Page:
California’s Post-Partisan Depression

By January 10, 2007General

California continues its tumble into the economic sea. In his Inaugural Address, the Governator promised a “post-partisan” world, but we see evidence of some post-partisan depression. His first big initiative is a proposal for universal health coverage. As part of this sweeping and enormously expensive proposal, he will require all businesses with 10 or more employees to offer insurance to their workers or pay 4 percent of their payroll into a state fund.

We should note for the record that virtually all manufacturers voluntarily provide health care to their employees, a record of which we are rightfully quite proud. But the operative word here is, “voluntarily.” Mandating coverage has one effect: driving small companies out of business, and out of the state.

California is already losing jobs in droves to neighboring states and ranks at the bottom for state migration, i.e., people fleeing the state. They sure aren’t leaving because of the weather — it’s the economic climate that’s killing them.

The latest actions by the Governor will only hasten the exodus. Health care is a thorny, bedeviling and incredibly complex problem. Simple — and politically popular — bromides like this do little to tackle the problem. At the end of the day this will only serve to worsen the economic health of the Nation’s most populous state.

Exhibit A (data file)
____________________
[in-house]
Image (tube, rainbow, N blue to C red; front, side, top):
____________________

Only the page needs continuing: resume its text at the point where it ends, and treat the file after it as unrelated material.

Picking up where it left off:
UPDATE: (By Carter Wood, noon): David R. Henderson of The Hoover Institution at Stanford writes in today’s Wall Street Journal that Schwarzenegger is going in the exact wrong direction to achieve lower health care costs:

If a version of Gov. Schwarzenegger’s plan passes, the only thing certain is that there will be more regulation, more government spending and more taxes. A better path would be to deregulate, and thus achieve some increase in the number of insured–without new spending or taxes or regulation.

Join the discussion One Comment

  • David Peterson says:

    The only way to fix the healthcare crisis is to increase the number of doctors. We need more medical schools. No need to subsidize them. Just approve them, and let the universities who want them figure out how to pay for them.

    Demand side solutions like more or different health insurance won’t work. We’ve been trying that without success for decades. Why not try a supply side solution?